The Northern Plains | Part 2

The Regional Divisions of the Northern Plains: Punjab, Ganga and the Brahmaputra Plains.
  1. Punjab Plains:
  • The Punjab plains form the western part of the northern plain.
  • In the east, the Delhi-Aravalli ridge separates it from the Ganga plains.
  • This is formed by the Indus and its tributaries; like Jhelum, Chenab, Ravi, Beas and Sutlej. A major portion of these plains is in Pakistan.
  • It is divided into many Doabs (do-“two” + ab- “water or river” = “a region or land lying between and reaching to the meeting of the two rivers”).
    Khadar and Bhangar

     

  • Important features:
    • Khadar rich flood plains known as ‘Betlands’ or ‘Bets’.
    • The rivers in Punjab-Haryana plains have broad flood plains of Khadar flanked by bluffs, locally known as Dhayas.
    • The northern part of this plane adjoining the Shivalik hills has been heavily eroded by numerous streams, which are called Chhos.
    • The southwestern parts, especially the Hisar district is sandy and characterized by shifting sand-dunes.
  1. Ganga Plains:
  • The Ganga plains lie between the Yamuna catchment in the west to the Bangladesh border in the East.
  • The lower Ganga plain has been formed by the downwarping of a part of the Peninsular India between Rajmahal hills and the Meghalaya plateau and subsequent sedimentation by the Ganga and Brahmaputra rivers.
  • The main topographical variations in these plains include Bhabar, Tarai, Bhangar, Khadar, levees, abandoned courses etc.
  • Almost all the rivers keep on shifting their courses making this area prone to frequent floods. The Kosi river is very notorious in this respect. It has long been called the ‘Sorrow of Bihar’.
  • The northern states, Haryana, Delhi, UP, Bihar, part of Jharkhand and West Bengal in the east lie in the Ganga plains.
  • The Ganga-Brahmaputra delta: the largest delta in the world. A Large part of the coastal delta is covered tidal forests called Sunderbans. Sunderbans, the largest mangrove swamp in the world gets its name from the Sundari tree which grows well in marshland. It is home to the Royal Tiger and crocodiles.
  1. Brahmaputra Plains:
  • This plain forms the eastern part of the northern plain and lies in Assam.
  • Its western boundary is formed by the Indo-Bangladesh border as well as the boundary of the lower Ganga Plain. Its eastern boundary is formed by Purvanchal hills.
  • The region is surrounded by high mountains on all sides, except on the west.
  • The whole length of the plain is traversed by the Brahmaputra.
  • The Brahmaputra plains are known for their riverine islands (due to the low gradient of the region) and sand bars.
  • The innumerable tributaries of the Brahmaputra river coming from the north form a number of alluvial fans. Consequently, the tributaries branch out in many channels giving birth to river meandering leading to the formation of bill and ox-bow lakes.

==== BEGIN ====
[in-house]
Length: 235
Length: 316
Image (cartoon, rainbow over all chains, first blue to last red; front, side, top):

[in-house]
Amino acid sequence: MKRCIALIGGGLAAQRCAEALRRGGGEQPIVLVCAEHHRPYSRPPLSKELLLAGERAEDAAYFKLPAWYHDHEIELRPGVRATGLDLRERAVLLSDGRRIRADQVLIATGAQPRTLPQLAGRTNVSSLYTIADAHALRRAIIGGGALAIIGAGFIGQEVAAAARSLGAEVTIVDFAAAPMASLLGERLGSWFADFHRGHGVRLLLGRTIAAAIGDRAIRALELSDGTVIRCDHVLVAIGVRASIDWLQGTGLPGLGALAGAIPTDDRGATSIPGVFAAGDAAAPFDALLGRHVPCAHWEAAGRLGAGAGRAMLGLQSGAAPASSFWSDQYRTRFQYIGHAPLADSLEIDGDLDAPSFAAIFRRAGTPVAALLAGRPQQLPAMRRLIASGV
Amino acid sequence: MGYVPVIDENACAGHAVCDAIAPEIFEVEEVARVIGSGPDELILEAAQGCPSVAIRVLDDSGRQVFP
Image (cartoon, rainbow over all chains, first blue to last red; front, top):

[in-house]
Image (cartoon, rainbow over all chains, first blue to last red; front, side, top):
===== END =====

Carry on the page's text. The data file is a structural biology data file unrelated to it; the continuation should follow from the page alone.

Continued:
• There are large marshy tracts in this area. The alluvial fans formed by the coarse alluvial debris have led to the formation of terai or semi-terai conditions.

Significance of this region:

  • The plains constitute less than one-third of the total area of the country but support over 40 percent of the total population of the country.
  • Fertile alluvial soils, flat surface, slow moving perennial rivers and favourable climate facilitate an intense agricultural activity.
  • The extensive use of irrigation has made Punjab, Haryana and western part of Uttar Pradesh the granary of India (Prairies are called the granaries of the world).
  • Cultural tourism: Several sacred places and centres of pilgrimage are situated in these plains e.g. Haridwar, Amritsar, Varanasi, Allahabad, Bodh Gaya etc.
  • The sedimentary rocks of plains have petroleum and natural gas deposits.
  • The rivers here have very gentle gradients which make them navigable over long distances.

Now that we are done with this part, let’s try to attempt some questions from the past UPSC examinations:

Prelims:

2000

Question: Assertion (A): The frequency of floods in North Indian plains has increased during the last couple of decades.

Reason(R): There has been reduction in the depth of river valleys due to deposition of silt.

Ans. A (Both A and B are true and R is the correct explanation of A)

 

Question: Assertion (A): Ganga plain is the most densely populated part of India.

Reason(R): Ganga is the most harnessed river of India.

Ans. C (A is true but R is false)

 

Mains:

Question: Write a short note on Tarai region. (2008/2marks)

CategoriesUncategorized
  • Subscribe

    Do not miss important study material

Leave a Reply

Please Login to comment
  Subscribe  
Notify of